I grew up moving around a lot. So naturally, I’m drawn to new cultures. Not just drawn, but actually feel in my element in the discomfort of learning new ways. Everyone has an expertise, and I’d say mine is being new somewhere. I’ve done it so many times. The intensity of that experience is deeply inspiring, especially when there is history to learn.
All that to say, I went to Europe for a week and a half with my mom to soak in some new inspiration. These sights will make appearances in my 2019 work.
London — St. Paul’s Cathedral, Westminster Abbey, The National Gallery
I was there for the National Gallery. But the cathedrals were also feats of architectural and artistic genius, obviously steeped in history.
My mom and I took a couple Ubers in London, and we liked talking to the drivers. Our Ethiopian driver said something about London that really stayed with me: “You don’t feel foreign here.” I looked around and saw how true that was. It wasn’t just race and ethnicity, but body types too. British media seems more on point with diversity and inclusion compared to American media.
Kent — Leeds Castle
I didn’t know a lot about this castle before going there. I mostly just loved the idea of spending a weekend at a castle–over my birthday. (I did learn some history too. Go to the Leeds Castle website if you want to read about it.) This castle and its surrounding property is breathtaking.
As a kid, I loved British literature, and their movie adaptations. I always dreamed of staying at an old English manor and taking a walk on a cool, misty morning. (Misty was important because that’s what makes the mood in the movies.) Sure enough, the only gray, misty day on the trip was my birthday!
Paris — Montmartre, The Louvre, The Eiffel Tower
The final leg involved hopping on a train and riding through the Chunnel to Paris. This is where I got to soak in the charm of the artist village of Montmartre. It’s significant to art history in that many famous artists, those who pioneered impressionism, post-impressionism, and some expressionism, spent time and painted some of their best-known works there. The Montmartre Museum is the former home of Auguste Renoir, Suzanne Valadon, Andre Utter, among many others.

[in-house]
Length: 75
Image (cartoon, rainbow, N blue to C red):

The vastness of the Louvre was overwhelming. And yes, there were tons and tons of famous works there (including the Mona Lisa), but my favorite part was seeing local artists studying them by painting and drawing their responses. Famous impressionists actually did the same at the Louvre in their day! Observing those moments made me think that history, captured in art, is still creating a dialogue in contemporary society.
Finally, the Eiffel Tower was a sight to behold. When I got there, I actually had no desire to go to the top. The tower itself is incredible.
The point of inspiration scouting is to process through new experiences and senses to translate them into artwork. As I said before, this trip will be in my 2019 collections. Some of my overall thoughts were about diversity, sanctuary, and the dialogue with history. I was also proud of the fact that I managed to navigate through two different countries–one with a language barrier–by plane, bus, Uber, train and on foot with limited WiFi and no cell service!
And that was Europe. This time. 😉